Now in its third generation, the Porsche Cayenne is undoubtedly one of the most important models of the brand in its modern history. Originally launched 20 years ago, the luxury SUV had the mission to save the Stuttgart-based company from bankruptcy – and thankfully, it achieved its goal – after a difficult first half of the 1990s.

But before the Cayenne hit the market, the automaker had five different vehicle concepts on the table for what is now known as the “third Porsche.” In the end, only a luxury MPV and a premium SUV were seriously considered.

The second idea had more advocates and Porsche decided to launch a fast, performance-oriented SUV. The marque was looking for a partner to develop this new model and initially, it contacted Mercedes-Benz, which was due to launch the first ML in 1997. “At that stage, we envisioned the Porsche SUV as a high-performance offshoot of the Mercedes,” Klaus-Gerhard Wolpert, VP for the Cayenne from 1998 to 2010, explains “with its own exterior design, a lot of M-Class technology, but engines and chassis components from us.”

Gallery: Original Porsche Cayenne development

The cooperation between the two companies was making good progress in 1996 but eventually reached the end of the road before the end of the year. Mercedes and Porsche had “differing ideas about the two companies’ economic relationship” and a new partner was needed to help Porsche finish the project. That partner was based in Wolfsburg, and while Porsche and Volkswagen were not yet members of the same automotive group, the execs from VW saw huge potential in the project and decided “they could use a car like this.”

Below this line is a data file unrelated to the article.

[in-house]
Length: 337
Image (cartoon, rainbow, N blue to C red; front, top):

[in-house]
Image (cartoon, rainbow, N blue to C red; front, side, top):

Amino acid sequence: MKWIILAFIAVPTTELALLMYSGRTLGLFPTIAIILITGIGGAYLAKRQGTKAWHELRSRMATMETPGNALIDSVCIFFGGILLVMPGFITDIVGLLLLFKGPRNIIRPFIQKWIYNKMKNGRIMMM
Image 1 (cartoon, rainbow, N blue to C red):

A few months later, in June 1997, Porsche and Volkswagen joined forces to design what was then known internally as the Colorado project – two large luxury SUVs based on a Porsche platform. The engineers from Stuttgart were responsible for the development and Volkswagen had to cover the production of the two models. The two large SUVs shared body components, but never shared powertrains – no Porsche engine was ever used in the Touareg and vice versa. Porsche’s first five-seater was unveiled at the 2002 Paris Motor Show, some four years after the initial decision was taken. The rest, as they say, is history.